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You Can Catch Some of the Bay Area’s Hottest Pop-Ups at This New Dogpatch Museum

The Institute of Contemporary Art San Francisco gives art lovers another reason to visit: great food.

© 2022 Drew Altizer Photography
Dianne de Guzman is a deputy editor at Eater SF writing about Bay Area restaurant and bar trends, upcoming openings, and pop-ups.

While some museums offer a few grab-and-go food items for visitors to snack on, the new Institute of Contemporary Art San Francisco is breaking out of that traditional mold. The new museum, located in the Dogpatch, is reaching out to some of the Bay Area’s hottest pop-ups to provide food and coffee for patrons. Chef Jacob Croom of pop-up My Friend Fernando helped select a number of diverse, up-and-coming pop-ups to showcase food at the museum. “It’s about giving people space and opportunity that maybe wouldn’t be getting that at other places, and that I know are really awesome people and really awesome cooks,” Croom says.

The museum opened in October, showcasing contemporary artists such as Jeffrey Gibson with attendance offered free to the public. It’s since established itself in the local art scene, launching a program called Meantime before final construction was completed and opening up the space to artists and performers even before the museum’s fall debut. When that proved successful, the museum wanted to continue the spirit of that program and began hosting food pop-ups in late October. It certainly helps that the pop-up roster is selected by a chef who runs a pop-up of his own. Croom also has a personal connection to the museum, namely his wife Christine Koppes, who’s the curator and director of curatorial affairs. She tapped Croom to help select the pop-ups for the young museum, and he reached out to a number of fellow chefs.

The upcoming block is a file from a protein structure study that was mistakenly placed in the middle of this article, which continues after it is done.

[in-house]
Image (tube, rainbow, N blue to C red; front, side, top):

Recent pop-up dinner events featured Mishmish, which serves vegan Palestinian food, and Bolita, which highlighted Mexican landrace maíz, in October and November respectively; Fluid Cooperative Cafe also ran a coffee-centric pop-up in the museum last month. This month, the museum will host Calaca Coffee on Sundays in its “secret garden” space, which the Calaca team turned into a Mexico City-inspired cafe. Also on the docket are pop-ups Year of the Snake, which will offer Asian American baked goods and pastries on December 4, and LIKHA, which specializes in Filipino food, on December 11. Fish and Bonez will hold a dinner at ICA on December 8, while Croom’s pop-up with baker Jaren Wilkinson, My Friend Fernando, will serve up tortas and more with an event at the museum alongside Calaca on December 18.

With the pop-ups, ICA is looking to “break the mold” of the bigger art institutions and the artists they select and highlight, Croom says. “This is a non-collecting museum, and they’re just trying to think beyond what a lot of these traditional institutions have been giving space to,” he says. After the December slate of events, the museum plans to launch a new show in January before planning for more pop-ups to appear in the new year. “Instead of just having a cafe or having a fine dining restaurant, it’s like having this rotating door of people coming in and doing things that are a little bit more fun, fresh, and interesting,” Croom says.

Institute of Contemporary Art San Francisco (901 Minnesota Street) is free and open to the public for art exhibits and hosts pop-ups and dinners on a rotating basis. Check the event calendar for the latest info on upcoming guest chefs and pop-ups.